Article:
Sunday, 3 November 2013

Bitcoin Summary - On Going Update

"The Bitcoin protocol: from Satoshi Nakamoto, mysterious individual or team developers, single key cryptology,, extraordinarily large numbers create secure online cryptological prime numbers, factorising integers to create large numbers, requires a lot of processing power to get those numbers. The insight was to distribute that processing to a network, reward the network by calling the solutions coins or money, distribute that money, use that money as a currency limited to 21,000,000 coins (11,000,000 coins currently; video: 24:50mins). You have a virtual scarce good."
Max Keiser 2013 from Alessio Bets Max Bets Warren:

This is a Bitcoin summary, to be updated as and when new information arises. I was surprised, speaking to friends last week, they had never heard of 'Bitcoin'. I have an 'A' level in economics from another age, but far from a financial expert. Then again, who is? Financial terrorist and con trickster seems all too often appropriate terms. Anyway, this is my on-going Bitcoin watch, perhaps helpful for some.

Bitcoin is being used to buy goods and services. It is perceived as a threat to the established centralised banking systems and therefore, a threat to private controlling interests. An extreme scenario could be that it is a controlled 'false flag' initiation to drive the global money system toward a centrally controlled cashless society and system. It seems it has been designed to liberate the money system; provide an independent currency rather than a controlled and manipulated one.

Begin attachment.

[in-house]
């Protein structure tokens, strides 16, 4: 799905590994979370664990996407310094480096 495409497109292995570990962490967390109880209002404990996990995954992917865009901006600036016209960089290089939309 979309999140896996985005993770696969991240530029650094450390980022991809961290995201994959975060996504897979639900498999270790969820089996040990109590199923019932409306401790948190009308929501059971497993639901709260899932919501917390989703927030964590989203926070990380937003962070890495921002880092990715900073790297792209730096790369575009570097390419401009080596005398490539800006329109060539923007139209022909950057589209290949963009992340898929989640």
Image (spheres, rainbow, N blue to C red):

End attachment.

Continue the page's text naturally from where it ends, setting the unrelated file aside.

My take is you purchase Bitcoin as you would gold. You pay money and buy some from some one who has some, not a centralised supply source. It is different to the fiat fractional banking system because the numbers are limited to 21,000,000 Bitcoins and, therefore, a finite supply. Quantitative easing is apparently infinite; until it the infinite runs out and it all comes crumbling down...
Bitcoin maybe the among the first of alternative systems to traditional currency systems. I once wondered if there were physical Bitcoins because I saw photos and a chap holding one - these were intended as symbolic illustrations for media articles. There is no physical Bitcoin.

Useful related links...
Bitcoin - The Anarchist Virtual Currency
The Guardian: Bitcoin: the fastest growing currency in the world: video: